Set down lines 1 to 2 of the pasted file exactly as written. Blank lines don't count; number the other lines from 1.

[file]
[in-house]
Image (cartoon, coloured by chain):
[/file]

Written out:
[in-house]
Image (cartoon, coloured by chain):